Sontag: Thank you so much Solveig for that introduction. It’s great to be here with you today. 


Brown: Congratulations on the 30th anniversary of Menttium. This podcast is such a great idea. What made you decide to do a podcast to celebrate Menttium’s 30th anniversary? 


Sontag: As you may have guessed from my introduction already, pure gratitude. In 30 years, Menttium has had over 80,000 participants across the globe, and we couldn’t have done this without the generosity of our mentors. They are leaders who are committed to helping the next generation of leaders. There isn’t a day that goes by where I don’t hear from a mentee or a mentor about how this mentoring experience has changed their life. I often interview mentees as well as mentors, and I can tell you that the mentees are amazing in their commitment to wanting to step into the best of themselves. That gives me hope for the future of the planet and so I thought it would be exciting to share their stories this way.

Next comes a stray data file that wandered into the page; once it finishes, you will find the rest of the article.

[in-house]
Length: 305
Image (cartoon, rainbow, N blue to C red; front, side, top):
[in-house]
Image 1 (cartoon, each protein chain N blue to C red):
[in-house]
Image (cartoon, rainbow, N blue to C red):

Brown: I’m looking forward to hearing the stories of all these voices of experience and these wonderful mentors. Lynn, as we’ve heard in the introduction, you have devoted your professional life to mentoring. You started out at 3M and then decided to work for Menttium 25 years ago, and in 2002 you purchased Menttium and have been leading the organization ever since. Can you tell me more about what inspired you to buy Menttium? 


Sontag: It’s a great question. I would love to say that it was planned, but mostly it was being in the right place at the right time with a willingness to risk walking into the unknown. I have a vivid memory of the founder confiding in me that she was ready to retire, and I went home and talked to many people about buying the company from Gail, my husband, and colleagues. However, it wasn’t until later in the game that I thought I should call my mentor at the time. I called him, but he wasn’t around and by the time he called me back I had already bought Menttium. But before I told him that I had bought Menttium, I asked him, “Do you think I can lead Menttium?” There was this long pause and then he said, “well, there’s potential.”